Canada Reads 2010: Day Two

We won’t know for certain until tomorrow morning, of course, but it looks like Generation X is going to be the first book on the chopping block. Roland Pemberton didn’t really do much to help himself, though. Despite coming second-last in my own lineup based on this year’s contenders, I felt sorry for both Pemberton and Coupland that it had such a poor showing today (though admittedly, I would have been even harder on the book than the other panelists were). The Jade Peony is the weakest book on the list; while nobody’s said anything negative about it, Samantha Nutt is the only one giving it any real attention at all. I think it’s so unlikely a victor that continuing to ignore it may be the best way to keep it out of the race. Were I a panelist, Fall On Your Knees would have been my first target. Oprah selection aside, it’s the book with the most advocates on the panel. I could see almost all the panelists throwing their weight behind it if their own books get voted out. Taking it down early would put all of their books on better footing.

Speaking of being hard on the books and other panelists, both the folks at the official CBC blog and Messrs. Beattie and Good made special mention of how frank and aggressive Perdita Felicien was, using words like “eviscerating” and “tore into”. If what we saw today constitutes a “tearing into”, then the men and women of Canadian letters might have the thinnest skins in all of creation. If those were strong opinions, I bet mine would have made somebody cry.

There’s only one specific observation that several of the panelists made, which I saw echoed on Twitter, that I would like to address: that Generation X and Nikolski did not have strong characters, were not “about” characters. That’s true of the first part of Generation X, but beyond that it’s utter nonsense. In the second half of the book the characters come into their own, and though I agree with Vézina that they are—as I said in my own review—”brats”, they were definitely fully-formed characters. And Nikolski has phenomenal characters. The themes of both books are pretty non-standard for CanLit, but they are both very character driven. What they are not driven by is throwing horrible shit at the characters over and over again until their lives fall apart, which seems to be what the panelists mean by being “about” characters.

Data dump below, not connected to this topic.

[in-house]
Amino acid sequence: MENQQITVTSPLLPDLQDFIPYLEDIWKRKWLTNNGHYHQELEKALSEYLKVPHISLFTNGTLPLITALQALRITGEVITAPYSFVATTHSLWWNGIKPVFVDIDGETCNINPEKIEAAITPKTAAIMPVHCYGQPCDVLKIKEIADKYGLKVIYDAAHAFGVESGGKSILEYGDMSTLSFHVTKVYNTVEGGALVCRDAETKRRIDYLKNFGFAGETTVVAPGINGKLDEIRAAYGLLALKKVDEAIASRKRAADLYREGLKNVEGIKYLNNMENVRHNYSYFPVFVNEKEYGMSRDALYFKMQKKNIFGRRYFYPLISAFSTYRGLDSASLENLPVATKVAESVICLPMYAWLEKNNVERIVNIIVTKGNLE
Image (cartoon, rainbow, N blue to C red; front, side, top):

Anyway, I’m looking forward to tomorrow.

August

Writer. Editor. Critic.

2 Comments

  1. What I really liked about Day 2 of debates was how it changed my mind on Nikolski. Admittedly, prior to hearing Vezina’s opinions on this book, I too thought that it was thin. As I heard Vezina talk more about the book, I had to start reading it again. This time I’m taking something different from the book. And as for Gen X, I agree that it did have fully formed characters, but at the same time I couldn’t shake the feeling that perhaps I should be reading Gen A instead, since this is Canada Reads 2010. Gen A was also about outcasts, also about the power of storytelling, but with environmental and sociological topics more relevant to current times. What do you think?

  2. I still haven’t read Generation A; to be honest the only Coupland book I’ve ever enjoyed was Microserfs, and “hate” isn’t a strong enough word for how I felt about Generation X. This was actually my second time reading it, and I told myself that if I felt differently about it this time around that I would give the rest of his oeuvre another chance. Now I feel safe saying that money would have to change hands for that to happen.
    The only reason I place it higher than The Jade Peony on this year’s list is because hating it made me want to talk about it, explain how much I hated it. Choy’s book left me indifferent. I’m not interested in discussing its potential merits or its faults. It just doesn’t seem worthwhile.

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